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Lions Roar : May 2016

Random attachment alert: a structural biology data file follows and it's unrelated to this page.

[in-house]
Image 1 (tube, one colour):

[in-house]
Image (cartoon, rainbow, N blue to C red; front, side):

I laughed out loud and said, “Dad, don’t be so formal!” He said, “But they might ask, what were his last words?” He was a bit excited because this was his last big stage, and he had it all to himself. Even though he was coming to the completion of his life journey, when I grasped his hand as he lay in the hospi- tal bed, his grip was firm and his hand filled with warmth. As I looked down at his hand, I realized, “This was the hand that held me as a babe, this was the hand that held me as a boy, this was the hand that embraced me in my youth, this was the hand that shook mine as I became an adult.” We were fortunate that he was able to come home before he died, that he was not in pain, and that he was fully present and aware to the end. As he let go of his grasp on this earthly existence, I won- dered, where could he have gone? One year later, as I look back on that moment, there is a realization. As my heart opened up, he had slipped right in, unbeknownst to me. Now I realize that his heart and my heart are com- pletely one, forever, and ever, and ever. Just so, his heart and the hearts of those he touched are completely one, forever, and ever, and ever. And his heart and the hearts of those who touched him, with whom he was fortunate to walk the Bud- dha Way, are completely one, forever, and ever, and ever. As the Buddhist expression states, we are all mothers and fathers, brothers and sisters, in the timeless process of birth and death. Illuminated, embraced, and dis- solved into the ocean of limitless light, beyond life and death, in the great flow of the oneness of reality, of boundless compassion. I, this foolish being, entrust myself to the awakening of infinite light. Namu Amida Butsu. ♦ MARK UNNO is an associate professor and a former head of the Department of Religious Studies at the University of Oregon. in the embrace of great compassion. We are always and forever fools filled with blind passion, ever embraced by bound- less compassion. When seen in this light, this world of appearances begins to take on a dream- like quality, maya, because of our aware- ness of the fleeting, elusive nature of our lives moment to moment. The Japanese consider that cherry blossoms are most beautiful when they are in full bloom, as flower petals are just beginning to scatter into the wind. In that moment, there is awareness of the intimacy of life and death, almost as if they are in double exposure, and ulti- mately one. Just a few weeks ago, we observed the one-year memorial of the passing of my father, Taitetsu Unno, who passed at the age of eighty-four of congestive heart failure. My father was a scholar and a Buddhist priest in the tradition of Shin Buddhism, a form of Pure Land Bud- dhism and one of the largest sects to come out of Japan. He was a pioneer in the field of Buddhist studies and had the opportunity to work with a number of scholars who would go on to influence the formation of the field. He was also the thirteenth-generation Buddhist priest in his family, and I became the four- teenth. Like him, I decided to follow the scholarly path while continuing to work as a priest with Buddhist temples and communities. When my father went into the hospital for the last time, he kept saying to me, “Mark, thanks for everything,” to which I replied, “Nanimo kamo arigato,” which can be rendered roughly as, “Thanks for everything and everything.” By “everything and everything,” I was expressing my deep thanks for the good times and the hard times—all of it—embraced in great compassion. He sat up a bit in his hospital bed, put his hands together on his lap, bowed, and said in Japanese, “Osewa ni narimashita,” or “Sorry for causing so much trouble; thank you for everything.” santa fe, new mexico 505-986-8518 www.upaya.org